Krista Tippett honored by White House for engaging listeners on what it means to be human
(RNS) On September 11, 2001, Krista Tippett was in Washington on her way to meet with potential funders to create a radio show focused on faith. As the day unfolded with attacks on the World Trade Center and the Pentagon, the meeting was canceled.
“Unfortunately, the case for religion as a force in the world was made for me,” Tippett said.
Eventually, with help from the Pew Charitable Trusts and Minnesota Public Radio/American Public Media, Tippett launched Speaking of Faith in 2003, which eventually became On Being, a one-hour broadcast that airs on 334 radio stations across the country.
This week, President Obama honored the show’s host with a 2013 National Humanities Medal. In its citation, the White House said Tippett’s show “avoids easy answers, embracing complexity and inviting people of all faiths, no faith, and every background to join the conversation.”
The Peabody Award-winning broadcaster and New York Times best-selling author leads interviews that focus on spirituality and meaning, hosting a conversation instead of a sermon.
Her guests have ranged from retired Anglican Archbishop Desmond Tutu and Mormon blogger Joanna Brooks to Focus on the Family President Jim Daly.
After a recent interview with Jonathan Haidt, author of The Righteous Mind, Haidt tweeted that Tippett’s interview was one of his best.
Haidt said that while most interviewers skim a book or get talking points from a producer, Tippett read his books closely.
“She understood how I thought, and so her questions got beyond the superficial more quickly,” he said, noting her knowledge of both religion and politics. “She also made it a bit more personal than usual, asking more questions about my childhood, and how I came to hold the views that I hold about religion and politics.”
Maureen Fiedler, host of the public radio show Interfaith Voices, said she and Tippett had to both find their place in the public radio landscape.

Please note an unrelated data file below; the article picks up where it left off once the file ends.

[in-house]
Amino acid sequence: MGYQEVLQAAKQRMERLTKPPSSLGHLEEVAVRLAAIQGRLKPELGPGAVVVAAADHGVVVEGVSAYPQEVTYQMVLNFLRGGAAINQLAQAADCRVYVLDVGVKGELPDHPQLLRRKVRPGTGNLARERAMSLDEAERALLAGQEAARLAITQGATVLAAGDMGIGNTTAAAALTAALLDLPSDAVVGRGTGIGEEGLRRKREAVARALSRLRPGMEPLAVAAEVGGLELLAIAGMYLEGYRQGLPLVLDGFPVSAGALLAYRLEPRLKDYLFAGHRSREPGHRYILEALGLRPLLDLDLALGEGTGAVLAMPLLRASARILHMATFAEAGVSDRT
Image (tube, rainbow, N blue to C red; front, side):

“The idea of doing stories on religion that were not favoring a particular faith tradition was outside the imagination of a lot of the gurus in public radio,” Fiedler said.
“She does a long in-depth interview with somebody who is usually quite interesting. You can cover religion in depth and do it in a way that’s suitable for a public audience.”
Before creating the show, Tippett was a journalist and also special assistant to the U.S. ambassador to West Germany before the Berlin Wall fell. She studied history at Brown University before going to Bonn in 1983 on a Fulbright Scholarship to study the politics of Cold War Europe.
She had grown up in a Southern Baptist family but lost interest in religion during college. While living in Europe she returned to religion, joining an Anglican church. She then pursued a master of divinity degree from Yale University and is now an Episcopalian.
A number of changes were taking place in the late 1990s and early 2000s in the media landscape that created space for someone like Tippett, said Debra Mason, executive director of the Religion Newswriters Association. Many newspapers were expanding their religion coverage, the Internet was opening up more time slots than radio had experienced in the past as podcasts became more popular, and money from places such as the Pew Charitable Trusts was becoming available.
“You had a talented individual who was a driving force to see all of this through,” Mason said of Tippett. “She appeals to a highly intellectual crowd and has helped bring some of these complex conversations to the forefront.”
Her 2007 memoir, Speaking of Faith, addresses why religion matters and how to talk about it. She is informed by the theology of historical figures such as Dietrich Bonhoeffer, Reinhold Niebuhr, and Charles Darwin; writers such as Annie Dillard; and people she has interviewed, such as Elie Wiesel and Karen Armstrong.
Tippett’s show has broadened since its conception to On Being, an independent production that aims to address questions such as: What does it mean to be human? How do we want to live? The interviews are focused less on religion news or theological topics and more on a spiritual discussion. Recent topics, for instance, included mindfulness, mysticism, and the inner life. “We have a scary amount of silence,” Tippett said about the show. “We can create something that has a contemplative space to it.”
Radio, said the 53-year-old mother of two, is both individual and communal.
“There is an amazing intimacy about radio that lends itself to talking about intimate things, talking about spiritual things or talking about what it means to be human,” Tippett said. “The medium of radio creates space for the spiritual and religious life, tapping into the reflective part of us.”
A version of this article originally appeared on the National Endowment for the Humanities website.